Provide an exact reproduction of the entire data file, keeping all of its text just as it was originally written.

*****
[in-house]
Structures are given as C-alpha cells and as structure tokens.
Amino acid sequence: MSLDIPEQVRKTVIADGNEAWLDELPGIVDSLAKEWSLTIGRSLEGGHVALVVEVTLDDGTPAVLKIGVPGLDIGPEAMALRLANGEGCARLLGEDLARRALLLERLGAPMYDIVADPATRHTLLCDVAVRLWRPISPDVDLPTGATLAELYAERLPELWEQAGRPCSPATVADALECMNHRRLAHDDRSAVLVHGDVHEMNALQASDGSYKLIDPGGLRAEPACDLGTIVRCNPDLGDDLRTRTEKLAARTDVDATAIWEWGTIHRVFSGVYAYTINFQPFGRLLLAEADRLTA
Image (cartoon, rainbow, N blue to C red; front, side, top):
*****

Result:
[in-house]
Structures are given as C-alpha cells and as structure tokens.
Amino acid sequence: MSLDIPEQVRKTVIADGNEAWLDELPGIVDSLAKEWSLTIGRSLEGGHVALVVEVTLDDGTPAVLKIGVPGLDIGPEAMALRLANGEGCARLLGEDLARRALLLERLGAPMYDIVADPATRHTLLCDVAVRLWRPISPDVDLPTGATLAELYAERLPELWEQAGRPCSPATVADALECMNHRRLAHDDRSAVLVHGDVHEMNALQASDGSYKLIDPGGLRAEPACDLGTIVRCNPDLGDDLRTRTEKLAARTDVDATAIWEWGTIHRVFSGVYAYTINFQPFGRLLLAEADRLTA
Image (cartoon, rainbow, N blue to C red; front, side, top):